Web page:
News | April 30th, 2020

Students Are Paying Rent For Vacant Apartments

By: Dejania Oliver
Students Are Paying Rent For Vacant Apartments

Many students have left Tallahassee for their homes, and for those with rent still due, they are struggling with the fact that they still have to pay. 

Since schools have resorted to online instruction, many students have decided to return home. For the students that are renting apartments in Tallahassee, this means paying rent for a place they are not currently living in.

Sarah Williams, a sophomore at Florida A&M University, lives in a complex called Redpoint. She says her parents pay for her rent, but it has gotten more difficult financially since this pandemic began.

“My mom also lost her job due to this pandemic,” Williams said. “So it is hard trying to support two households off of no income.”

Rent in Tallahassee can be expensive. Williams pays $750 a month for her apartment. For students that do not have a job or consistent income, it is very stressful trying to find ways to pay rent in these times.

 Leslie Bradwell, a renter at Social 2700, says she usually pays her rent through loans and she is not currently employed. The complex costs around $500 a month, according to Bradwell. She believes people should not be expected to pay rent since COVID-19 has left many students financially unstable.

 “We should be able to break the lease,” Bradwell said. “Most people went home and shouldn’t be paying for an apartment they’re not living in.”

The government issued a 120-day moratorium on evictions from federally subsidized housing or from a property with a federally backed mortgage. Many apartments also anticipated financial struggles and have taken measures to allow their residents to still make their payments.

Raegan Hamilton, a resident at Redpoint Apartments, says her complex is giving all residents an extension for their rent payments.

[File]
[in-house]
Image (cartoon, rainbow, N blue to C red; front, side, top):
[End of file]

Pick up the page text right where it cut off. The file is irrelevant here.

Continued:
“These kinds of situations are not specified in anyone’s lease when they sign up to live somewhere,” Hamilton said. “They have given us up until May 15th for the month of May’s rent.”

This dilemma many students are now facing has affected them mentally, not just financially. Worrying about school, work, and now how the rent will get paid has caused fear and anxiety among them. Hamilton says she feels overwhelmed by the sudden difficulty she is facing.

Sadly, my family was touched by the virus, taking my godfather from us and leaving my godmother in a coma,” Hamilton said. “The pandemic has definitely left me a bit overwhelmed.”

Currently, the state of Tallahassee is under a stay-at-home order mandated by Gov. Ron DeSantis on April 1. Florida, along with 42 other states, has ordered its residents to stay in their homes unless doing an essential activity. This means that many of the people living in apartments in Tallahassee reside in states where they are being told to stay home. Most of the students never officially moved out, and most of their belongings are still in the capital city.

“My family wasn’t comfortable with me driving back and forth with the state that we were all in and thought it best I stay with them,” Hamilton said. “So, unfortunately, I’ve had to live off of the spring break luggage that I brought with me.”

Students feel discouraged with all of this change going on. Many have had to adapt to a situation they do not want to be in, and they have had to learn how to navigate being back home. Add the problem that some people do not have home environments conducive to being successful and it can cause the students to feel stress in a whole new way.

“I liked the independent living I had,” Williams said. “I feel that I put my life on pause to help try to eliminate this problem, which everyone should be doing, but it still sucks nonetheless.”